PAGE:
It seemed that wherever freshman Susana Fonseca went on campus, classmate Daniel M?ndez was never too far away. Whether roaming around Foggy Bottom or their native Panama City, Panama, it only made sense to see them together.
“I was accustomed to being here every day with him … and suddenly he’s not here,” Fonseca said.
M?ndez, who died in a car accident in Panama on Christmas Eve, is one of four GW students to die in the last four months. For Fonseca, the hardest parts of her day are the constant reminders of her best friend.
She said that losing M?ndez was so difficult she almost stayed in Panama this semester.
“I considered not coming back,” she said. “Everywhere we were, everything we did, reminded me of him.”
Fonseca’s experience is similar to that of countless other GW students who have been affected by the four deaths.
Since the deaths of college-aged students are usually unexpected, they can cause considerable amounts of pain for those close to them.
“Students don’t get ill and die slowly,” said Bob Wilson, assistant director of the University’s Counseling Center. “They’re young and vigorous, and they’re killed on the basis of tragedy, so it’s a real jolt to the system.”
When working with students who are experiencing grief, Wilson said the Counseling Center’s goal is to show that emotions besides sadness are normal and expected.
“Essentially what we are trying to do is recognize and sort though the grief process,” he said.
“We can help them recognize that there are all sorts of reactions to this, but their own personal reaction is what is most important,” he added.
Some grief-stricken students said they found the center’s services helpful. When sophomore Jennifer Dierdorff was found dead Feb. 6 from an apparent suicide, some members of her Alpha Phi sorority turned to the Counseling Center, said junior Dana Rasmussen, the sorority’s president.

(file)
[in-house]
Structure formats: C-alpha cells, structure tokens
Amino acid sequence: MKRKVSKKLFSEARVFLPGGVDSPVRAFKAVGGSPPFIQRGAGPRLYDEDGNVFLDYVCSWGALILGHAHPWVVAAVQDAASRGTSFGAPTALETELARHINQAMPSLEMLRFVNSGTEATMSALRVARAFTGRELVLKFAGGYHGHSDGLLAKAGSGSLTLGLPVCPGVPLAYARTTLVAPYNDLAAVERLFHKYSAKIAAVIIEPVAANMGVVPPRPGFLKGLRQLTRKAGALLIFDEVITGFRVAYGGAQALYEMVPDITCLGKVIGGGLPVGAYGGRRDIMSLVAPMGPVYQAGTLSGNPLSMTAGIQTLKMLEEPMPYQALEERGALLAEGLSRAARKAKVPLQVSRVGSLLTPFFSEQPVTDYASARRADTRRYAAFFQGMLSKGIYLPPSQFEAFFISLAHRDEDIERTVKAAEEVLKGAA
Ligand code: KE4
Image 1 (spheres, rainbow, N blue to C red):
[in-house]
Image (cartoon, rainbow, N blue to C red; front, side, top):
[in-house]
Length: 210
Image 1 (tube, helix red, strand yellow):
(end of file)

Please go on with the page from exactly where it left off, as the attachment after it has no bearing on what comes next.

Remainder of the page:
“They came and talked to us in groups the day afterwards,” Rasmussen said. “Some people needed to talk to someone outside of their immediate realm.”
Wilson said that when students are suffering from grief, they might feel confused, irritable, tired or unable to focus – all appropriate responses to loss.
Fonseca said she sometimes finds it extremely difficult to study because M?ndez played such a large role in her life at GW.
“The hardest part for me is obviously being here alone and not being able to concentrate in school,” Fonseca said.
Law student Jamie Conn said he was a friend of Chris Bartok’s, who only finished one semester at GW before accidentally drowning in the Potomac River Dec. 19. The two shared an apartment with other law students.
“Our first six months in D.C. was with Chris in our lives, so any story that happened before (the drowning) would have involved Chris,” Conn said. “We still live in the same apartment. There’s still a lot of memories here.”
Sophomore Jamie Mitten said she sometimes feels angry about Philip Augustin’s death, another emotion Wilson said can be associated with grief. Augustin, a sophomore majoring in business, drowned March 27 in the Tidal Basin near the FDR Memorial.
“When I first found out, I was very shocked and angry, and I’m still angry that bad things happen to good people,” she said.
To help deal with grief, those close to the four students who died held well-attended memorial services. Experts said it is beneficial for students to participate in events with others who may be experiencing the same emotions.
“There is something about coming together with that shared feeling … it validates your feelings when others expressing those same feelings are together,” said GW psychology professor Pamela Woodruff, who teaches a course called “Attitudes Toward Death and Dying.”
While the wounds associated with the deaths still seem fresh for some students, the healing process is already well under way for others.
“As time goes on, it gets easier,” Rasmussen said. “It doesn’t mean we forget, but reality starts to set in.”